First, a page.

Microsoft President Brad Smith has joined the chorus of tech industry leaders calling for government regulation of artificial intelligence (AI). However, Smith also acknowledges that companies have a role to play in managing this powerful technology.
During a panel discussion in Washington, D.C., Smith emphasized the need for governments to act swiftly, as reported by The New York Times. The call for regulation comes at a time when the rapid advancement of AI, particularly generative AI tools, has attracted increased scrutiny from regulators.
Generative AI refers to AI systems capable of generating text, images, or other media based on user-provided prompts. Notable examples include Midjourney's image generator platform, Google's Bard, and OpenAI's ChatGPT.
The demand for AI regulation has gained momentum since the public launch of ChatGPT in November. Prominent figures such as Warren Buffett, Elon Musk, and OpenAI CEO Sam Altman have raised concerns about the potential risks associated with the technology. This unease extends to the ongoing WGA writer's strike, fueled by fears that AI could replace human writers, and to video game artists, as game studios explore AI technologies.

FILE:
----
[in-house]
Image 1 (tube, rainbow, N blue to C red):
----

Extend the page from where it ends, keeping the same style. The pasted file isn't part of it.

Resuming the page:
Smith endorsed the idea of requiring developers to obtain licenses before deploying advanced AI projects. He also suggested that "high-risk" AI systems should operate exclusively within licensed AI data centers.
Additionally, Smith called on companies to take responsibility for the societal impact of AI. He emphasized the importance of notifying the government when testing AI technologies and continued monitoring and reporting of unexpected issues, even after deployment.
Despite these concerns, Microsoft has made significant investments in AI. The company reportedly invested over $13 billion in OpenAI, the developer of ChatGPT, and integrated the popular chatbot into its Bing web browser.
In a post on AI governance, Smith stated, "We are committed and determined as a company to develop and deploy AI in a safe and responsible way." He emphasized that the responsibility for establishing guardrails for AI should not rest solely on technology companies but should be a shared responsibility.
Smith's remarks align with those made by OpenAI CEO Sam Altman during a hearing before the U.S. Senate Committee on the Judiciary. Altman suggested the creation of a federal agency to regulate and set standards for AI development, including the licensing of large-scale AI efforts and enforcement of safety standards.